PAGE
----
Southwark Playhouse, London
AT THE heart of James Fritz’s play is an economy that can only see the elderly as capital and, through three thematically connected sequences in The Fall, he conjures the future and the fate of an ageing population.
Two teenagers looking for somewhere to have sex find an old man who might have had a fall — or who might be trying to end it all — and a couple’s entire life flashes before our eyes with marriage, children and an ageing mother taking their toll as they struggle to make ends meet.
In the most compelling sequence, four elderly people share a room in a futuristic old people’s home. In theory, their every need is met by Petra, a kind of low-rent Alexa, but Petra doesn’t always seem to be connected.
The four find different kinds of comfort in each other and their optimism. But it’s never quite enough and so the “other option” — a kind of state-sanctioned euthanasia — becomes increasingly tempting. After all, their families get financial compensation.
Directed by Matt Harrison, Fritz’s depressing story of ageing is played out by members of the National Youth Theatre (pictured) and there’s no attempt here to “play old.” Rather, we’re encouraged to consider the implications such thematic and political debates have on young people. The realities they play out here are the realities they’ll eventually live through.
In an impressive company, Troy Richards and Sophie Couch bring a remarkable emotional maturity to a complex relationship, Josie Charles and Madeline Charlemagne are beguiling as two old ladies who find a surprising comfort in each other and Jamie Ankrah offers a thoughtful depth to an angry and betrayed old man.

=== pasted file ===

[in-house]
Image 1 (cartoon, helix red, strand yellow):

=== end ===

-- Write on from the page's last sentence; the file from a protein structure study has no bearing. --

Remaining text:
While the futures depicted might be depressing, the upside is that the talent that the National Youth Theatre nurtures and supports is formidable.
Runs until May 19, box office: southwarkplayhouse.co.uk
You can’t buy a revolution, but you can help the only daily paper in Britain that’s fighting for one by joining the 501 club.
Just £5 a month gives you the opportunity to win one of 17 prizes, from £25 to the £501 jackpot.
By becoming a 501 Club member you are helping the Morning Star cover its printing, distribution and staff costs — help keep our paper thriving by joining!
You can’t buy a revolution, but you can help the only daily paper in Britain that’s fighting for one by become a member of the People’s Printing Press Society.
The Morning Star is a readers’ co-operative, which means you can become an owner of the paper too by buying shares in the society.
Shares are £1 each — though unlike capitalist firms, each shareholder has an equal say. Money from shares contributes directly to keep our paper thriving.
Some union branches have taken out shares of over £500 and individuals over £100.
You can’t buy a revolution, but you can help the only daily paper in Britain that’s fighting for one by donating to the Fighting Fund.
The Morning Star is unique, as a lone socialist voice in a sea of corporate media. We offer a platform for those who would otherwise never be listened to, coverage of stories that would otherwise be buried.
The rich don’t like us, and they don’t advertise with us, so we rely on you, our readers and friends. With a regular donation to our monthly Fighting Fund, we can continue to thumb our noses at the fat cats and tell truth to power.
Donate today and make a regular contribution.